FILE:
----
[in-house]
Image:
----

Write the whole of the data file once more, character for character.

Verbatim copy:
[in-house]
Image: